Belgian Army admits that their anti-tank vehicles can’t fire armour piercing shells

‘Sheep in wolf’s clothing’, the Belgian Piranhas Credit: Wikicommons

THE Belgian Army spent €69.9 million ten years ago on purchasing 18 Piranha anti-tank vehicles from their Swiss manufacturer and scrapped its existing vehicles at the time.

Amazingly, although the vehicles were equipped with a special 90-millimetre cannon (DF90) which uses armour piercing ammunition, it wasn’t until May 2017 that the Ministry of Defence actually purchased any armour piercing shells.

Unfortunately it turned out that the Piranhas couldn’t actually fire the anti-tank ammunition and after two years of investigations and attempts to make them work, the Belgian Army has now decided to give up.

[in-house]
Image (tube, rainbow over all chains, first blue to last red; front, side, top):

They do fire non-armour piercing rounds so aren’t completely useless but are not really fit for purpose which was highlighted when three of the vehicles were sent as part of a NATO initiative to Lithuania as a deterrent against Russian tanks but on return admitted that they didn’t actually have any working ammunition!

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Deirdre Tynan is an award-winning journalist who enjoys bringing the best in news reporting to Spain’s largest English-language newspaper, Euro Weekly News. She has previously worked at The Mirror, Ireland on Sunday and for news agencies, media outlets and international organisations in America, Europe and Asia. A huge fan of British politics and newspapers, Deirdre is equally fascinated by the political scene in Madrid and Sevilla.


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